Following this advice might help you land a free upland-game permit
BY DALE BOWMAN firstname.lastname@example.org July 23, 2013 8:15PM
Updated: July 23, 2013 8:18PM
Illinois’ free upland-game permit program goes back to what once was.
I’ve relished the mix of brush, woods, swamps and fields at Green River State Wildlife Area in the northwest part of the state; the oasis of 80 acres of brome, orchard grass, clovers, mixed prairie grasses and forbes at Clifton Pheasant Habitat Area in the middle of corn and beans in the east-central part of the state; and the ravines, hedgerows, woods, farmlands and grasslands at the Buckhorn Unit of Siloam Springs State Park in the west-central part of the state.
Illinois’ coolest hunting program allows lucky hunters to go retro on wild birds in restored landscapes for a day with their own groups at about three dozen sites. The problem is drawing a permit — odds are roughly 1-in-3 — during the August application period. There are ways to improve your chances.
‘‘I had this discussion about improving odds with the folks in our permit office a few years ago,’’ emailed Mike Wefer, the section head of wildlife field operations for the Illinois Department of Natural Resources.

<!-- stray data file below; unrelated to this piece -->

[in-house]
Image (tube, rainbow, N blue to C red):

Two key things were to apply for weekday dates and for the maximum dates and sites allowed.
‘‘I also suspect that applying for some of the more out-of-the-way or less popular sites would help, too,’’ he said.
I follow all three strategies. But I really want to hunt Saybrook and Sibley once, so I always apply for one day at those premier sites.
I have a couple of other tricks. Try applying for a day during one of the firearm deer seasons. I learned that accidentally one year when I screwed up, applied then and drew a tough permit.
But best of all is to have a group that applies and goes together if somebody gets lucky. I have a loose confederation of about six with whom I do this. It pays off in having familiar companions to hunt unfamiliar landscapes.
Bring a dog or dogs. Then make a day of it and make history of your own.
The cooling lakes of LaSalle and Braidwood escaped significant fish kills during the heat wave. On Tuesday, fisheries biologist Ken Clodfelter said LaSalle had lost ‘‘just a few hybrids and a few blue catfish. Hopefully, we are all right for a while now.’’
But the South Branch of the Chicago River had enough of a die-off that ‘‘the water stinks,’’ according to Jeff Nolan of Bridgeport Bass.
Bears training camp is like scouting bucks in velvet. Cubs season is like hoisting spinnakers. Sox season is like bailing.